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Child becomes pilot for a day
ALTUS AIR FORCE BASE, Okla. – Two-year-old John Austin runs on the flightline during his Pilot for a Day visit May 15, 2014. John was diagnosed with acute lymphoblastic leukemia when he was four months old, and his parents were told that he had a 45 percent chance of surviving to age 5. He has since completed treatment and has been in remission since December 2011. (U.S. Air Force photo by Staff Sgt. Nathanael Callon/Released)
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Cancer survivor becomes pilot for a day

Posted 5/16/2014   Updated 5/16/2014 Email story   Print story


by Staff Sgt. Nathanael Callon
97th Air Mobility Wing Public Affairs

5/16/2014 - ALTUS AIR FORCE BASE, Okla. -- John Austin survived infant leukemia, seven surgeries, chemotherapy, respiratory failure and dozens of blood transfusions. He can now add U.S. Air Force pilot to that list.

Thanks to the 58th Airlift Squadron and the Altus Air Force Base Pilot for a Day program, John spent the day exploring airplanes, fire trucks and the base air traffic control tower.

John was diagnosed with acute lymphoblastic leukemia when he was  four months old, and his parents were told that he had a 45 percent chance of surviving to age 5. He completed his treatment in October, and the Austin family is finally beginning to ease into normal life post-treatment. A day full of adventure and exploration was just what they needed.

"He's a typical two-and-a-half year old boy--he gets into trouble, he's silly and funny, he loves planes and dinosaurs, and it has just been really awesome," said John's mother, Kristy. "He's only been off treatment since October, so this is a whole new world for us, just to have him at home playing and being silly. So we're just really excited to get to do normal things with him."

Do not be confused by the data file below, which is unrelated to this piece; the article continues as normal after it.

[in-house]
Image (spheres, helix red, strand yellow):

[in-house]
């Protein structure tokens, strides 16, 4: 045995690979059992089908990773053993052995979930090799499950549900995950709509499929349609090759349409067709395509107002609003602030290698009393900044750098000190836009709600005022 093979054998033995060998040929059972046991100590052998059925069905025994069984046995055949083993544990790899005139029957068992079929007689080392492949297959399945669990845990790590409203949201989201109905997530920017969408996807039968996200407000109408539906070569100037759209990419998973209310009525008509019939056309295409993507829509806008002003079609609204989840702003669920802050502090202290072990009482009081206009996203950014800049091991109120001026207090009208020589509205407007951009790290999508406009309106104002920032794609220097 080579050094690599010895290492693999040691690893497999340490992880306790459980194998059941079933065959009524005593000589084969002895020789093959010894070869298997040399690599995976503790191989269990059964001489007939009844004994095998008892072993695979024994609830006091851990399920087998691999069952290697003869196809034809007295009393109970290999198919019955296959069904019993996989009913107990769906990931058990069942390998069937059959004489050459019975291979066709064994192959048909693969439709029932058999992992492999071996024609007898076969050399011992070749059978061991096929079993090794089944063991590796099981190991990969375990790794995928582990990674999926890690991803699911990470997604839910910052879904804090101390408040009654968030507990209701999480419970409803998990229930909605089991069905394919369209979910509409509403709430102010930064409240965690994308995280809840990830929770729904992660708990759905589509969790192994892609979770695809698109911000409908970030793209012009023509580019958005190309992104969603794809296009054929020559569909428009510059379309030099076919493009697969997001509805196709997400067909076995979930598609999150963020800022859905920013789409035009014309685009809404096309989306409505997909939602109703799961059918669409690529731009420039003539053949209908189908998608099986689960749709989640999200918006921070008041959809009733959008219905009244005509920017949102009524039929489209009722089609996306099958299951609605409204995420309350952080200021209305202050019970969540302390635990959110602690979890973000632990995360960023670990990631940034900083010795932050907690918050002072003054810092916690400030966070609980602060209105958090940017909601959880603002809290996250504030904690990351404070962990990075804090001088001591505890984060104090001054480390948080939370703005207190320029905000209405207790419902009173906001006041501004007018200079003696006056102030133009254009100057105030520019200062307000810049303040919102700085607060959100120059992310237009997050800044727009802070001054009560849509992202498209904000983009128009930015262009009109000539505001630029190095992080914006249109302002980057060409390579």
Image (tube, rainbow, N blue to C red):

The Austin family, stationed at Tinker Air Force Base, is the first family to take part in the program, which recently restarted after it fell to the wayside a couple of years ago.

The day began with an exclusive fire department convoy from the front gate to the 58th headquarters, where John and his mother rode in one of the big red fire engines from the 97th Civil Engineer Squadron. At the 58th, John received his standard-issue flight suit, donned with U.S. flag, 58th patch, a personalized name patch and a set of colonel insignia on his shoulders.

John earned his pilot wings in a crowded auditorium. U.S. Air Force Col. Bill Spangenthal, 97th Air Mobility Wing commander, pinned them on John's flight suit, and everyone in the room applauded the newest and youngest pilot on base.

The family was then off to the flightline, where John had the opportunity to play in the cockpit of a C-17 Globemaster III cargo aircraft, operate the controls of KC-135 Stratotanker refueling aircraft boom and shoot water from fire trucks. John also watched a military working dog demonstration. He laughed and told the dog, "Good job," as the dog latched onto a bad guy's arm as he was trying to run away.

After naptime, John continued his tour, where he flew in the C-17 simulator. U.S. Air Force Maj. Erick Brough copiloted the simulator, pointed out Mount Rainier, Wash., from the cockpit, and then flew the family over their home in Oklahoma City.

The family was overwhelmed with the support of everyone they met. John's father said that their experience at Altus was what is characteristic of the Air Force family--people caring for each other in a time of need.

"It's nothing but a phone call and everybody wants to be involved," said U.S. Air Force Master Sgt. Keith Hackney, who coordinated John's visit. "Everybody is willing to drop what they're doing for a cause like this."

This was the first of hopefully many special Pilot for a Day visits for children like John, said Hackney. The wing hopes to host a family in need every quarter.

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